There is a book out called Shop Class as Soulcraft by Matthew B. Crawford. It looks very good, well written. I have not read the whole thing yet, but have read the article that inspired the book from The New Atlantis.
On one level, I am interested in the book, or better said, the idea because somehow my life has turned into an exploration of what defines work. The subtitle of the book is An Inquiry into the Value of Work.
I read this article at an interesting time in my life. I am not employed, but I am working. March Madness is happening, reminding me of my personal experiences, of my teammates. I am fresh off a visit to a hospital to present some of my ideas about how to improve patient care by making the care more personal than private.
And, most of all, I keep hearing and seeing exactly the same thing from people. I did what I was supposed to do, but life doesn’t feel the way I thought it would feel.
This begs a pretty simple question– were all of these people wrong in how they thought life should or would feel? I mean, I’ve heard this from so many people something has to be wrong. Are they wrong? Or is the system so flawed that it produces a world that no longer works. “Maybe what they thought they were supposed to do was wrong. Maybe they did not do what they were supposed to do well,” a skeptic might say.
Are people wrong about how they think life will feel if they do what they’re supposed to do?
My guess is yes and no. As Nettle said in his book Happiness: The Science Behind Your Smile, there is an inner competition in each of us that most of us do not understand or are not aware of.
This makes knowing what “we are supposed to do” fairly difficult to flush out. Early on, we are told that doing what we’re supposed to do will lead to happiness by people who care for us. But this is not what I found in all of my interviews with world class performers. What I found instead was that if we did what made us happy, the better we would do what we’re supposed to do.
I define “happy” as feeling how we want to feel. My own belief is that most people given the right conditions in childhood will explore and discover that how they truly want to feel is good for society. Most of us want to feel engaged, alive, involved, charitable, productive, accomplished, etc. What most of us do not want to feel is judged.
As I was reading Shop Class as Soulcraft, I couldn’t help but see the Game in what Crawford is writing about. And I think this is where we’ve gone wrong in our society, why things seem to not be working.
Is Capitalism in and of itself the game we are supposed to play? Or is it a tool we use to play a bigger game? Is it simply a metaphor for something larger? Unless we answer this for ourselves individually and then collectively, too many of us will not only feel judged, but will also invite judgment of ourselves by others. We will be judged in a game we not only do not want to play, but simply do not have the skills to play. That defines a loser for those interested in a narrow definition of winning.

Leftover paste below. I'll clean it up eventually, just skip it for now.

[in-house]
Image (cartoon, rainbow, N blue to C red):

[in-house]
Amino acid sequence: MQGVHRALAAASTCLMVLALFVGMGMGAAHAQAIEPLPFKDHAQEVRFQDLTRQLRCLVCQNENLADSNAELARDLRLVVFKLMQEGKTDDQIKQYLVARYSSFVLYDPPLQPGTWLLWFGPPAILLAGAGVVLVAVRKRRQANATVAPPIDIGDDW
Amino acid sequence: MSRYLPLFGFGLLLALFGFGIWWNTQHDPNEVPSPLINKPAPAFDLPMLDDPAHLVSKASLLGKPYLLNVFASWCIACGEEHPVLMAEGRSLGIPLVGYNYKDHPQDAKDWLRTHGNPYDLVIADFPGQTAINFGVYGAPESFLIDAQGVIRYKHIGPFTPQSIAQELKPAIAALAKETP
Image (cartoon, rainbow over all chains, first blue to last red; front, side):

I wrote in an earlier post that life for too many people has become a balancing act of being on a ladder. They feel off balance with no more rungs to climb…but they are unwilling to climb down. So they walk through life on the ladder as if on stilts, terrified of falling, but more terrified of climbing down.
Shop Class as Soulcraft made me wonder– what happens when we define life by the tools we were given? And like the message in Soulcraft, what happens when people tell you those tools, your tools, are obsolete, that there are new tools to use, so therefore there is a new game to play.
Life these days is too easily defined by the tools we have. Einstein said that “It has become appallingly obvious that our technology has exceeded our humanity.” I suspect he was right when he said this and I suspect things have gotten worse because our technology is almost exponential in its progress. Yet, I see more and more people getting lost in the process.
So what Game are we playing? Is Capitalism the Game itself? Or is it a tool that defines too narrowly how we play the game?
Maybe it comes down to how we keep score, what defines winning and therefore defines a winner.
But if we keep score by moments, by health, by experiences, capitalism certainly has a role to play, but it does not define the Game.
Maybe it’s okay to climb off the ladder and put it back in the garage, and pull it out only when you need it. The ladder should not define success because it limits how we can play the Game, and therefore it diminishes the Game itself. If I learned anything from some of the great athletes of our time, even those who might have had their missteps off the fields of play, it is to honor the Game itself.
And you honor any game, the Game, by playing it…allowing yourself to be held accountable, but never judged.